Michigan’s offense has not been known for its prowess in the passing game over the past few years, but anyone who has doubted Roundtree in the past has done so to their peril. He has worked through a learning disability to succeed in high school and college, earning his college degree before his fifth year in Ann Arbor. And on the field, his slight build belies the same type of strength and determination. Adding his speed into the equation makes him a potential inside starter in the NFL as a top 125 pick.
One of the top receivers in Ohio (86 receptions for 1,238 yards and 13 touchdowns as a senior) decided to cross the border to Michigan to play college football. As a redshirt freshman, he started four of 11 games (32-434, 3 TD). His sophomore season got him on the radar, garnering second-team All-Big Ten honors from league media with 72 catches for 935 yards and seven scores. Though he started all 13 games last year, his production dropped significantly in new head coach Brady Hoke’s offense (19-355, 2 TD). Wolverines fans will always remember his 16-yard touchdown to beat Notre Dame in 2011, however.
Quicker-than-fast slot receiver. Can cut sharply to find holes in zone coverage over the middle. Tough receiver who will go up for passes in traffic and take a hit. Uses feet and hands to swim past linebackers to get into his route off the line. Also uses head fake, lean, and swim move down the seam to get inside position. Flashes agility to turn upfield very quickly after the catch. Very willing as a run blocker, attacks his man, gets the angle and gives great effort to sustain.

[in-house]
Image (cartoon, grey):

Average height and speed for the position. Lacks bulk in the lower body, making it difficult to run through better tackle attempts. Also must prove he’s strong enough up top to beat press coverage and hold down his run blocks against NFL-caliber defenders. Doesn’t receive many opportunities in Michigan’s offense, will need to prove the reliability of his hands after a history of drops.
Though he has a slight build and saw a big drop in production in Michigan’s offense (72-935, 7 TD in 2010; 19-335, 2 TD in 2011) under new head coach Brady Hoke, Roundtree’s speed and elusiveness gives him a chance to be a strong contributor in the NFL – as does the work ethic and determination he’s showed working through a learning disability throughout his scholastic career to earn a college degree.
Future Hall of Famer
A once-in-a-generation type prospect who could change how his position is played
An impact player with the ability/intangibles to become a Pro Bowl player. Expect to start immediately except in a unique situation (i.e. behind a veteran starter).
A quality player who will contribute to the team early on and is expected to develop into a starter. A reliable player who brings value to the position.
A prospect with the ability to make team as a backup/role player. Needs to be a special teams contributor at applicable positions. Players in the high range of this category might have long-term potential.
A player with solid measurables, intangibles, college achievements, or a developing skill that warrants an opportunity in an NFL camp. In the right situation, he could earn a place on a 53-man roster, but most likely will be a practice squad player or a camp body.